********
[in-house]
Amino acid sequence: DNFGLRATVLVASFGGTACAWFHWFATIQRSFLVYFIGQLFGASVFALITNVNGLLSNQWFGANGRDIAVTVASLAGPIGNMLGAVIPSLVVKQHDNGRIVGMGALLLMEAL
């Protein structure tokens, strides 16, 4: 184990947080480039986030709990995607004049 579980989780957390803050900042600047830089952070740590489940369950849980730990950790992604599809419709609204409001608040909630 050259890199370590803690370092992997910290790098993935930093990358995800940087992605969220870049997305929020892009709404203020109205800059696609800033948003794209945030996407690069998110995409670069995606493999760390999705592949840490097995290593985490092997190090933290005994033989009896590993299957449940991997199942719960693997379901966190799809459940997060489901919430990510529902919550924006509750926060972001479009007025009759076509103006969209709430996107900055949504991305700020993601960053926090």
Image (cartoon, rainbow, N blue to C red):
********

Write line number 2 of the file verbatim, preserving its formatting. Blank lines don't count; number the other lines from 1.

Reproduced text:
Amino acid sequence: DNFGLRATVLVASFGGTACAWFHWFATIQRSFLVYFIGQLFGASVFALITNVNGLLSNQWFGANGRDIAVTVASLAGPIGNMLGAVIPSLVVKQHDNGRIVGMGALLLMEAL